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The Effects Of Business Bankruptcy

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The Effects Of Business Bankruptcy

The Effects Of Business Bankruptcy

Businesses can struggle financially just like individuals. However, unlike individuals you may have employees who depend on you for their livelihood so you can’t afford to close the doors. Your financial difficulties may be temporary, like a downtown in the industry, and you know you will be able to pull yourself out of it eventually. There is hope in the form of bankruptcy but you may be concerned about what the effects of business bankruptcy will be.

Elimination of Debt

The main reason for businesses to file bankruptcy is to eliminate debt. However, how much debt is eliminated may depend on your business arrangement and which type of bankruptcy you must file. If you own the business yourself or with a partner, Chapter 7 will cancel all business debts, leases judgements and other unsecured debt. Although corporations may file under Chapter 7, debt is not eliminated. Under Chapter 11 and 13, debts are reorganized and at least some of them are repaid to the creditor.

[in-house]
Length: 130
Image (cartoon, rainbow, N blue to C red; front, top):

Keeping the Business Open

If you file under Chapter 11, you must reorganize the business in order to keep it operational and repay at least some of the debt over time. Under Chapter 13, you may also keep the business open, but you must repay at least some of the debt in between three and five years. If you file Chapter 7, you will have to close the assets and sell any property that the business owns, but you will not have to pay any unsecured debts.

Effects of Business Bankruptcy on Credit

If your business is incorporated, filing bankruptcy on the business will not affect your credit unless you took out credit in your name for the business. If you signed a credit card agreement in your name, but only used it for the business, you are still responsible for that debt even if the business files Chapter 7. Even if all the debts were in the corporation name, vendors who were not fully repaid under your bankruptcy may not be willing to extend credit in the future. Even if your business bankruptcy affects you personally, it will only remain on your credit report for ten years unless you file Chapter 11 which only shows for seven years.

If your business is facing financial difficulty, you need to contact a bankruptcy lawyer to see what options you have. Contact Georgette Miller and Associates today to see how they can help. You can arrange for a no obligation consultation by completing the form or calling us today.